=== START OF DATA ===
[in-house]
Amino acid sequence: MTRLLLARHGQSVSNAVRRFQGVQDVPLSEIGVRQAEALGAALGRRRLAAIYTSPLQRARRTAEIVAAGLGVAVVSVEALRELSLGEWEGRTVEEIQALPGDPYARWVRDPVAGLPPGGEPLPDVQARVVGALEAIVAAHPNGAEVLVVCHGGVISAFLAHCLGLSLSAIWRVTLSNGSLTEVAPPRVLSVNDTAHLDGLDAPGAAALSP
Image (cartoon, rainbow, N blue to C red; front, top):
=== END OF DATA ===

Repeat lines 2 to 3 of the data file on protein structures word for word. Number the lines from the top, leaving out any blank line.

Amino acid sequence: MTRLLLARHGQSVSNAVRRFQGVQDVPLSEIGVRQAEALGAALGRRRLAAIYTSPLQRARRTAEIVAAGLGVAVVSVEALRELSLGEWEGRTVEEIQALPGDPYARWVRDPVAGLPPGGEPLPDVQARVVGALEAIVAAHPNGAEVLVVCHGGVISAFLAHCLGLSLSAIWRVTLSNGSLTEVAPPRVLSVNDTAHLDGLDAPGAAALSP
Image (cartoon, rainbow, N blue to C red; front, top):